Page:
Clayton, Dubilier & Rice announced it is looking to exit its SIRVA Inc. relocation services platform company and then filed with the SEC to float the business in a $350 million IPO. The company intends to trade on the New York Stock Exchange under the ticker symbol “SIR.”
Credit Suisse First Boston and Goldman Sachs & Co. have been signed on as joint bookrunners for the offering, while Deutsche Bank Securities, Citigroup and JP Morgan have also been tapped to assist with the underwriting. Through the offering, SIRVA expects to take in roughly $230 million after expenses. CD&R declined comment for this story.
The New York-based firm launched the SIRVA platform in 1998 with the $200 million-plus purchase of North American Van Lines from Norfolk Southern Corp. The firm quickly strengthened the business by merging it with Allied Van Lines in 1999 in a deal worth roughly $450 million. From that point, CD&R moved to turn the platform from a run-of-the-mill moving company to an encompassing relocation provider. Among the other add-on deals, SIRVA then completed acquisitions for Cooperative Resource Services, Maison Huet, Moveline and most recently Scanvan.
SIRVA has seen its revenue grow significantly through the acquisitions, while earnings have emerged from negative territory and now reside safely in the black. For the 12 months ended June 30, the business took in $2.3 billion in revenue with $104.4 million in earning from operations. This represented year-over-year jumps of 7% and 48%, respectively. The turnaround in profits is especially noteworthy considering that in the fiscal years 1999, 2000 and 2001, the company posted net losses of no less than $16.9 million and as high as $21.9 million.
CD&R Partner Rick Schnall told Buyouts in June, “We saw a huge opportunity in [moving the company towards] the relocation services business…and because of this strategy SIRVA has been growing earnings over the past few years.”
Additionally, last year CD&R bolstered the management team, installing Brian Kelly as the company’s chief executive. Kelly came to the company from Ford Motor Co.’s Lincoln Mercury division and succeeded CD&R Partner Jim Rogers, who stayed on with the company as chairman.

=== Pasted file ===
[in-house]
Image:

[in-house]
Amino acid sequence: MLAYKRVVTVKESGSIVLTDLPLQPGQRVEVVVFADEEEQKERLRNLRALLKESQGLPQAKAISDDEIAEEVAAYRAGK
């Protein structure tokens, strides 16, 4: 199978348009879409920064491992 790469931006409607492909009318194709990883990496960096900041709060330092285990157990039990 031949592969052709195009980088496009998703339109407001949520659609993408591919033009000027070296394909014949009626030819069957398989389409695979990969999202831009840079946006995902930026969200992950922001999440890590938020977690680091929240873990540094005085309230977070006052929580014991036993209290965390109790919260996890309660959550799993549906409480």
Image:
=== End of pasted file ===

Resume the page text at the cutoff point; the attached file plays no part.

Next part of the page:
Throughout its investment, CD&R has contributed a total of $178 million in equity to the SIRVA platform out of its Clayton, Dubilier & Rice Fund V LP and Clayton, Dubilier, & Rice Fund VI LP, which control 56.6% and 23.5% of SIRVA, respectively. The filing did not indicate what CD&R’s stake would be in the company following the IPO, although it did specify it would use the $230 million in proceeds “to purchase or repay a portion of [its] outstanding debt,” which currently stands at $762.2 million.
In its filing, SIRVA noted that following “the application of proceeds” from the offering, its overall balance is expected to be $454 million in outstanding long-term debt and $119.7 million in outstanding short-term loans, totaling $573.7 million. With $188 million going towards the debt, that would leave roughly $42 million from the proceeds to be spent elsewhere.
CD&R gave no signal as to where it sees the stock’s offer price, and the filing also left blank how many shares the firm expects to sell through the offering. Published reports have identified that the rollout should occur sometime this fall.
While the construction of the SIRVA platform has seemingly gone without a hitch, the IPO will not be without its share of obstacles. As acknowledged in the initial IPO filing, SIRVA currently has two antitrust investigations pending. The company said in the dossier, “We have produced and are producing records in response to two grand jury subpoenas issued in connection with investigations being conducted by attorneys in the Department of Justice Antitrust Division through a grand jury in the Eastern District of Virginia. We are cooperating with these investigations and understand that numerous other companies have received similar subpoenas.”
The Justice Department did not confirm any investigation into SIRVA specifically, although Gina Talamona, from the agency’s Office of Public Affairs did say, “There is an ongoing investigation from the antitrust division looking into the transfer of military household goods between the U.S. and Europe.” She could not give a timetable as to the investigation’s conclusion and would not discuss the breadth of the probe throughout the relocation industry. SIRVA is frequently used by the military to move troops, their families and household good from base to base.
The antitrust probe was one of many risk factors made bare in SIRVA’s filing, which also listed the competitive nature of the global relocation sector, the fragmentation of the moving services industry, exposure to dips in the real estate market and the overall economy in general.
However, smoothing over SIRVA’s transition into the public market, is the verity of the company’s ascent in just a short time. CD&R has built SIRVA into a top player in the global relocation space, an estimated $50 billion market. The company operates in 43 countries with familiar brands, such as Allied northAmerican, Pickfords and Maison Huet, among others. In the filing, SIRVA noted that over time it believes the market will continue to grow, and cited that the improvements shown over the past four years demonstrate its ability to boost profitability despite a sour worldwide economy.